ME is not a very useful term. Myalgic Encephalomyelitis derives from Ancient Greek. Myalgic meaning painful muscles and fibres and Encephalomyelitis meaning inflammation of the brain and spinal cord. Those labelled with ME rarely have actual evidence of brain or nerve inflammation, so it is simply a label and not a very descriptive one at that.
ME is not a specific disease or condition and is generally a ‘diagnosis of exclusion’ – one given when no definitive disease can be found. It is more commonly called chronic fatigue syndrome (CFS) nowadays.
There are no conventional tests commonly used in the NHS to ‘prove’ that someone has ME/CFS. Conventional treatment is based on advice to take antidepressants, get plenty of rest and do graded exercise – as much as you can handle but no more.
Most doctors haven’t yet caught up with the emerging science behind what causes CFS. There are few studies which look at why some people develop profound fatigue that can last for months or years. Drug companies, which fund many large clinical trials, aren’t really that interested in CFS, which has so many possible contributory factors, because there is no simple drug to prescribe.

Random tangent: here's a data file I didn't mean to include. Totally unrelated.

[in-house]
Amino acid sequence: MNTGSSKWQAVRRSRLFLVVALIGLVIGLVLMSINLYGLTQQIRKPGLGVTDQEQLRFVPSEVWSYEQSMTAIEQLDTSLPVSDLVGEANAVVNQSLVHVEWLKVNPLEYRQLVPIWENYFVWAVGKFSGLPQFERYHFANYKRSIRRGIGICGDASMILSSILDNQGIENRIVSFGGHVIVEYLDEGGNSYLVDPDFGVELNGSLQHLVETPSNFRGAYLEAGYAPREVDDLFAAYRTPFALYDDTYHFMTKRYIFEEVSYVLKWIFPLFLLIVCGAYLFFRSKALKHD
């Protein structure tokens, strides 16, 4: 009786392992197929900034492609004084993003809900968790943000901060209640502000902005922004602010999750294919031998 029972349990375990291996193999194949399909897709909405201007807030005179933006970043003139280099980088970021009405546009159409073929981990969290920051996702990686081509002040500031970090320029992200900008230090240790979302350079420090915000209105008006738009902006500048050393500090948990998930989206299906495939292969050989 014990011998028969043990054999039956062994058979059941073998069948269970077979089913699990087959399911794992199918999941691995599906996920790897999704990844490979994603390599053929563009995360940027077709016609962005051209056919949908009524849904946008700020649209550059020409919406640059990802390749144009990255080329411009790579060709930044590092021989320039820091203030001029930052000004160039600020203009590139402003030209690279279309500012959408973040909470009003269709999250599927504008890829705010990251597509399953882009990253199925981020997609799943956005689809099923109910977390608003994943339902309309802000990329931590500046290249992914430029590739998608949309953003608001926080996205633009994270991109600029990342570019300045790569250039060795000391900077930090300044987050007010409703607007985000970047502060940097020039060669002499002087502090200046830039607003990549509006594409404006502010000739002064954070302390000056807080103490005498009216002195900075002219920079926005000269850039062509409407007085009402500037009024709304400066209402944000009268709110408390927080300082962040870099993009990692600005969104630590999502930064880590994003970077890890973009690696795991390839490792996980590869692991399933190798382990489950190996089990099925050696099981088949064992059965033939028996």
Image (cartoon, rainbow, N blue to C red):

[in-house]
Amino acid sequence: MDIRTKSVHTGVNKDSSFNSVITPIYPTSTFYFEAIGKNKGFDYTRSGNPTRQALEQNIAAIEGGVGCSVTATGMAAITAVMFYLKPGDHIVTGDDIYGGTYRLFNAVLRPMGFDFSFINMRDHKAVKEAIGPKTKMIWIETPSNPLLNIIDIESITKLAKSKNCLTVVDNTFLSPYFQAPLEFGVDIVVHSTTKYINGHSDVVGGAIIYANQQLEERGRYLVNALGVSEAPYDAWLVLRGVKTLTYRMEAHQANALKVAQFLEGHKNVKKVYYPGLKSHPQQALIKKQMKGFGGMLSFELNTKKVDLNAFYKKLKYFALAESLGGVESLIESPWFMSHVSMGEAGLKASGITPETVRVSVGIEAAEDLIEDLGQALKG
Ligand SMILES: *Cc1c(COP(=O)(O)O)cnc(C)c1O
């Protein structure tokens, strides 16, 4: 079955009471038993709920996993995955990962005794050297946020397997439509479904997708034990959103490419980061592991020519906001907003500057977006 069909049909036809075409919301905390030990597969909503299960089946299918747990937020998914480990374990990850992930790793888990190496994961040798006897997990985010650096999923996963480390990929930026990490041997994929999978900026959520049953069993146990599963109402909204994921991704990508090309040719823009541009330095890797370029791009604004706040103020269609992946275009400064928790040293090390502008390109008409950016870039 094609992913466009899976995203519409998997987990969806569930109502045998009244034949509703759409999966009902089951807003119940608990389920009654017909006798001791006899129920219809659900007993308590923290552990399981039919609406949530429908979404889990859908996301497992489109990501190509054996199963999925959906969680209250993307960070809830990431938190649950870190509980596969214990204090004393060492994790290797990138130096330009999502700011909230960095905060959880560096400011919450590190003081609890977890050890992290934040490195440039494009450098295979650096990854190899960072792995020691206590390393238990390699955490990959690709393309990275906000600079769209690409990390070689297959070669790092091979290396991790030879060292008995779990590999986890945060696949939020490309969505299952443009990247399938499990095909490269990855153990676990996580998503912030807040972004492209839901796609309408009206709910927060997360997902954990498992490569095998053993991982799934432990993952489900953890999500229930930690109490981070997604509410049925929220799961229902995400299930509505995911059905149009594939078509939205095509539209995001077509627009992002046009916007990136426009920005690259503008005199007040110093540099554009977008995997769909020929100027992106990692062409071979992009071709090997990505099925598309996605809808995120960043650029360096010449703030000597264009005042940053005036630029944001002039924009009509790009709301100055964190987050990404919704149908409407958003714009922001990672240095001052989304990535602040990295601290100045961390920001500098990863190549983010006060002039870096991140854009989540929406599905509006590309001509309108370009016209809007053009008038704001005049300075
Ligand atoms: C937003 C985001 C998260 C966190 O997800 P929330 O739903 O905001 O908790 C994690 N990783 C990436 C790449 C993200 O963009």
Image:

A leading, emerging theory is that cellular mitochondria, the power houses of the cell, could be working less efficiently than they should in patients with CFS, but there are no known drugs that influence mitochondria. Hence, no studies.
We do know that around one in 10 elite athletes, or people who enjoy frequent very active exercise, will develop CFS at some point. This is much higher than the general population. People more at risk from developing CFS do tend to suffer more from mental health problems such as anxiety and depression but that may be because the nervous system is so dependent on mitochondria that individuals cannot keep up the production of the calming hormones.
CFS patients are also more likely to have been exposed to environmental pollution. There is evidence of a link to chronic infections, many of which supress the immune system. There is also evidence of a direct links between CFS and the microbiome (healthy bowel flora) in the gut, which we know plays a huge role in keeping our nervous and immune systems healthy.
I believe that we doctors are underestimating the prevalence of hypothyroidism in the community, which impacts on immunity, energy production and our nervous system, and I also think we have widespread Vitamin B 12 deficiency.
My approach as an Integrated Doctor, one who uses conventional methods as well as alternative therapies, is to look at the individual and assess all aspects of his or her emotional and physical health. This includes life style, exposure to environmental toxins, stress levels, diet and underlying disease. Testing mitochondrial function through a simple blood test is, in the face of the emerging evidence, of great importance in diagnosing CFS.
Only then can I decide on how to treat the patient and begin to make physiological and emotional changes needed to reverse the effects of CFS.